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Paige Johnston



Ghosts of Summer

CHAPTER FOUR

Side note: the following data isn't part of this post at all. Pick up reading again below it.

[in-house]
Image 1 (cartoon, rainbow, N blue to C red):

The thought of Olive still unsettled her – the way she stared into the distance like she could see something Nora couldn’t, and her icy skin. Trust the one other alien hunter she’d ever met to be crazy. Nora passed her mum the ingredients for the pasta sauce before letting out a heavy sigh. ‘Can I ask something?’ ‘Go ahead.’ ‘What does a dead body feel like?’ Her shoulders stiffened. Her mum stepped away from the scratched wooden counter and looked to Nora. ‘Why do you ask?’ ‘I just thought you’d know, and I was just wondering, I guess.’ ‘Is this about Oscar?’ It was like her mum had a superpower. All it took was one look into your eyes and she knew everything. Nora hadn’t got away with a lie in years. She dropped her gaze to her hands and tried to squeeze the right amount of confusion into her voice. ‘What do you mean?’ Her mum placed a hand on Nora’s shoulder, squeezing. ‘I know you wanted to see him, honey, but I had to make a decision and I didn’t think it was best for you to see him like that.’ ‘No, it’s not –’ she began, but her chest tightened as memories of the hospital rose in her mind. Of being left in the waiting room, of pressing her hand to a cool coffin. ‘It was just something I was watching on TV.’ ‘Nora, I’m really starting to consider putting some parental controls on that thing.’ ‘It was just daytime TV! But they were saying the skin stuck to your hands like goop –’ she lied, trying to pull her mum in with facts. Her mum tutted. ‘No. Nothing like that, especially if they’re recently dead.’ She let out a breath before saying, ‘A deceased person feels cold, heavy. Their skin feels different to you or me.’ She took a breath. ‘The best way I can think to describe it is you know when you fall asleep on your arm and it goes dead?’ Nora nodded. ‘It’s a bit like that. Your arm is heavier, flopping about. They’re usually a bit stiff, too, from the cold, but they’re still them. Not some zombie or whatever you’ve seen.’ ‘Oh,’ Nora said, heart tensing. How Olive had felt, she thought, minus the stiffness, before she chided herself. Ghosts aren’t real. She’s not dead. Her mum let out a sigh, rubbing Nora’s upper arm now. ‘Are you sure this isn’t about Oscar? It’s normal, you know, to wonder about these things, especially since the anniversary is in a few days.’ Nora didn’t know why they called it an anniversary, like it was something to celebrate. If it was up to her, they’d forget the day all together. ‘No. I swear. I was just curious.’ ‘Okay,’ her mum said, backing away. She didn’t take her eyes off Nora for some time as she cleared her throat and returned to the sauce. Neither of them spoke for a while, the air around them thick with discomfort. After a long pause, her mum crouched before the cupboard and muttered, ‘Ah shoot. We’re out of pasta.’ She stood up again, knees cracking. ‘You’ll have to have beans on toast or something.’ Nora pulled a face. ‘We could go to the shop?’ ‘Nope. I don’t have enough time before work.’ ‘I could nip to the Post Office?’ Her mum considered it for a second before reaching into a drawer and handing some change to Nora. ‘Be quick.’ Nora took the money and dashed outside, grabbing her bike. It was a short trip to the Post Office. It rarely opened; when it did, the hours were completely up to the owner, Old Joe. If he didn’t want to work, he didn’t open the post office. If he wanted to sleep, he slept instead. Nora respected that. She’d tried that excuse when it came to school, but her mum didn’t buy it. The Post Office was a small sandstone building that was once a house. It still was partly Old Joe’s house. Inside was cramped with a few shelves of necessities: bread, milk, toothpaste, pasta. The rest of the shop was for packages. As she entered, the bell chimed above her head and Joe looked up from the register, and said, ‘Heya, pet.’ Even after decades in the south, he still retained the hints of his Scottish roots. Nora said hello and moved to the shelves, searching for pasta, freezing only steps away. There’s no way, she thought as she stared at the wall where a flyer was pinned onto a coarkboard. On it, a familiar face smiled at her. But the girl in the picture was warmer, welcoming. It was a school photo of a pretty girl in a dark blue school jumper. Her hair was neatly plaited and her smile was perfected for that very moment, making her eyes shine. Nothing like the wild eyes and ashen face Nora knew. Still, it was undoubtedly her. And in big, bold letters, it declared her MISSING. Below the photo, it added, If you have any information on the whereabouts of Olive Jones, please contact the police. The change slipped out of her hand, clattering at her feet. The sound was unnaturally loud, breaking her from her trance, jumping her to life. She grabbed her money and moved back to the pasta, assessing with all her concentration if she should grab penne or fusilli to distract her mind from the poster. ‘You alright, pet?’ Joe asked. Nora looked over her shoulder, nodding quickly, but her mouth was dry and a sickness was building in her stomach, rising and rising and – ‘You know her?’ Old Joe asked with a wry smile. Did she? She’d met her, hadn’t she? Even if the girl claimed she was dead. If anything, the poster proved she was alive. Missing, but alive. But then Nora’s eyes trailed to the last seen date, the night of the crash. It’s not possible, she thought. How had nobody else seen her lingering around the treeline? Unless… She shook the thought. Olive wasn’t dead. She couldn’t be. ‘I’m okay,’ she said, realising Joe was still watching her. She decided on penne and took it to the till. Joe rang it up and Nora handed over the money before heading to the door. As her hand touched metal, Joe called, ‘I hope someone finds her soon.’ Finds her. People still thought she was alive. Which she was. She was definitely alive, Nora told herself. She’d seen her. Touched her and her cold, dead skin… No. Not dead. But how, standing between trees, facing the main road, had nobody else seen her? Outside, Nora stuffed the pasta into her bike’s basket and peddled towards the forest. * Nora jumped off her bike, not bothering to hide it in the bushes like before. She didn’t even know if Olive would be there, but Nora had a sickening feeling that she was the last person to have seen Olive. Nora glanced at her phone. She was already pushing it; the journey to and from the Post Office didn’t take that long, and her mum would be wondering where she was. She had to know what was going on. ‘Olive?’ Nora shouted, pushing further into the trees. The trees began to grow thicker, the trail rockier from where it was less travelled, and though she’d barely been walking more than a few minutes, her t-shirt began to stick to her back. She hated summer. Turn back, she thought. She didn’t have the time to go further, and what if Olive had been lying? What if she was long gone by now? But Nora couldn’t stop her feet from moving, venturing deeper and deeper into the forest. It was like something was controlling her body, desperate to know if Olive was just a strange, missing girl, or if she was telling the truth and ghosts were real. Ghosts aren’t real, ghosts aren’t real, she chanted silently to herself, but then she caught sight of a wisp of black hair and froze. To the right of the trail, a girl rested on a fallen tree, head bent, staring at her feet. Olive. Nora studied the girl for a moment, taking in her perfectly still form – the way her shoulders didn’t move as she breathed (was she even breathing?) – and the odd, grey tint to her skin. It was a little breezier than the past few days, but the wind didn’t touch the girl. And Nora would bet, if she touched Olive’s hand again, it would be icy to the touch despite the sun blazing down. This can’t be happening, her mind screamed. Ghosts aren’t real. But there Olive was, sat before her: alone and missing to the rest of the world. ‘Oh my god,’ Nora muttered to herself. ‘I’m losing my mind.’ Olive’s head shot up. As she met Nora’s gaze, she smiled weakly, but it quickly vanished again. ‘You came back.’ Nora stuffed her hands in her shorts’ pockets. ‘Is it true? Are you dead? Like actually dead.’ ‘I told you,’ she said softly. ‘Why would I lie about this? I don’t even know you.’ Nora sucked in a breath, mind still fighting for a logical explanation to it all. ‘I – I thought it was a prank or something. I don’t know. Maybe someone set you up to it, but you’re -’ But you’re dead. Nora couldn’t bring herself to say it out loud. If she said it out loud it became real. Too real. ‘Ghosts can’t be real,’ she whispered, taking a step back. ‘So you believe in aliens, but not ghosts?’ ‘I –’ Her voice scratched against her throat. How could she explain it to a stranger without sounding crazy? Nora swallowed and continued, ‘It’s not just aliens. The ocean is mostly unexplored – how can we rule out weird sea creatures? Maybe the megalodon is still thriving, deep, deep under the sea, or maybe, somewhere, sirens are lurking the seas. And Bigfoot – though, he’s probably just some weird, misunderstood guy – could exist, or once have. Maybe dragons did, too, but got wiped out by heroes – or villains.’ She shrugged. ‘But ghosts? People die every day. If ghosts were real, surely, they’d be everywhere. There’d be proof. So why you?’ Olive shook her head and gazed up at the sun, staring directly into it without wincing. ‘I don’t know, but if you don’t believe me, why are you here?’ ‘Too many things don’t make sense.’ Nora let out a breath. ‘And then I saw a flyer in the post office. A missing poster.’ Olive snapped back to Nora. ‘A poster?’ she whispered, eyes widening. ‘Oh my God, my parents must be – they must be so worried. I didn’t leave a note or anything, I just saw the post and left without even thinking. All I could think of was being the one to find a UFO.’ She stepped back, bowing her head and shaking it over and over. ‘Now I might never see them again.’ Nora took a step forward and reached out for Olive’s shoulder to comfort her. As soon as skin touched skin, Nora almost jerked back. She forced herself to remain still, adjusting to the chill running from her fingertips and up her arm, sending a shiver down her back. ‘But you could see them again though, right? I mean you’re here. I know you can’t leave the forest, but with the posters, it’s only a matter of time before someone spots you –’ ‘No. You’re the only one who’s seen me,’ Olive whispered in a voice so quiet the breeze almost drowned it out. Nora shook her head. ‘Why me? I don’t know you.’ ‘Honestly, I don’t know how this ghost thing works, but I’ve tried to get people’s attention – I’ve run in front of hikers, waving my hands, shouting. Nothing. I tugged on this guy’s shirt, thinking he’d have to notice me, but he just shrugged me off and kept going. That’s why I got so excited when I saw you yesterday…because you saw me.’ She took a step back and Nora’s hand fell. ‘I don’t know if my parents would be able to see me if they came.’ Nora ran a hand through her hair, pushing damp strands from her sweaty brow. There had to be another explanation, but none of it made sense. This is real. Ghosts are real. And then, as quickly as the excitement came, it died again as another thought crossed her mind: if ghosts are real, how come Oscar never came to see me? ‘But then why me? Why can I see you?’ she asked. ‘I don’t know. I just wanted to find the aliens. I didn’t want this to happen. I didn’t -’ As she spoke, her body shuddered and she choked on tears that weren’t there. ‘What are my parents going to think?’ Nora didn’t know what else to do, so she stepped forward and wrapped her arms around Olive’s back, pulling her close. ‘I’m sorry.’ After a moment, Olive’s hands, limp at first, found Nora’s back before bunching in Nora’s shirt. The cold seeped through. Nora closed her eyes, remembering her mum’s face those first few days after losing Oscar: bloodshot eyes and dry skin, a heaviness that seemed to last forever. Nora felt it too. There were days when she didn’t think she’d ever stop crying. Nora couldn’t imagine how Olive’s parents felt, not even knowing where their daughter was. ‘Do you want me to call them for you? Or the police?’ Olive pulled back with a breathless laugh. ‘Like they’d believe you. You still hardly believe me.’ She let out a sigh. ‘I – I don’t know what to do. I don’t – I don’t even remember where I was when it happened. It’s still blurry.’ She dipped her head, shaking her head. ‘All I know is I was looking for aliens and something stopped me. And now I’m trapped here.’ Heat prickled against Nora’s back. She hoped there wasn’t some crazy, murdering guy in the woods. That would certainly make it harder to find the aliens. ‘So what are we going to do?’ ‘We?’ ‘I can’t leave you,’ Nora said. Silently, she added, Plus, I still need to find that UFO. Olive smiled gently. ‘I don’t know. Maybe…we retrace my steps. I have a theory on where the UFO might have crashed, but I lost all my notes when I…’ She let out a sigh. ‘But if we retrace those steps…we’ll find, well, me. And hopefully the aliens, too.’ Nora couldn’t believe it. ‘You still want to find them?’ ‘I can’t leave here. I have nothing else to do, do I? Besides, if I died trying to find them, I have to. I can’t have died looking for aliens and not even find them!’ She paused, looking to Nora. ‘You don’t need to help, though.’ Nora bit the inside of the cheek. She knew the right thing to do was to call the police or someone, let them know the missing girl was actually a dead girl. Plus, Olive had died. Something or someone had killed her. The forest wasn’t safe. But there was a UFO out there, and Nora wasn’t about to give up. So she held out her pinky finger and waited for Olive to link hers. Once they were connected, warm skin against cool skin, Nora whispered, ‘We’ll find it. I promise.’